Saturday, April 10, 2010

Debater's Forum

Minnesota Governor Tim Pawlenty (R) continues his rightward push to best position himself for a 2012 run (am I the only one genuinely curious if he could carry his home state against Obama?). Unfortunately, he's not very good at it -- basically admitting his lawsuit against health care reform is motivated by politics:
VAN SUSTEREN: It doesn’t sort of escape me that the people who have filed are all Republicans, with the sole exception of the attorney general in Louisiana is a Democrat. I think he’s probably the only — is he the only Democrat who has joined this?

PAWLENTY: As far as I know. You know, of course, there’s probably some political overtones to it, but I think it’s also, frankly, Greta, philosophical. We have a group of people like me who view the federal government should have a limited role. There’s a bunch of people who have a different view. And that’s what the courts are for, to hash out these differences. So let’s get it on.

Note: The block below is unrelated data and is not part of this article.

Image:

Wait: back that thing up. Courts are there "to hash out differences" regarding philosophical conceptions of the role of government? That's funny, because I could have sworn that's what legislatures were for. Apparently, the "it" Pawlenty wants to get on is some good ol' fashioned judicial activism.


PG said...

He phrased it incredibly poorly, but I think a charitable interpretation of his words is that he meant a group of people like him believe the Constitution says the federal government should have a limited role, and there’s a bunch of people who have a different view of the Constitution. And that’s what the courts are for, to hash out these differences.

Though does anyone believe that when the federal courts deny these lawsuits based on the states' lack of standing to challenge the individual mandate (which falls upon individuals, not the states, and the penalty of which goes through the IRS and does not require the state to act), we won't hear Pawlenty et al. declaring this to be a technicality used by activist courts to deny constitutional rights?

joe said...

I think that's a very uncharitable interpretation of his words, and I don't like the guy.

As far as I understand it, most criticism of judicial activism is 1) that it's results-oriented, not process-oriented, so you don't get a very consistent set of rules, and 2) that it's the court ignoring what the constitution actually says in favor of wishful thinking loosely based on the words. Note that this second one is itself a (politically) philosophical position in conflict with the so-called "activists." So no inconsistency there.